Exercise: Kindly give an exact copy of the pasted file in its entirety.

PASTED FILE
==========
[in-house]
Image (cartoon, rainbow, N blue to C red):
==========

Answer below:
[in-house]
Image (cartoon, rainbow, N blue to C red):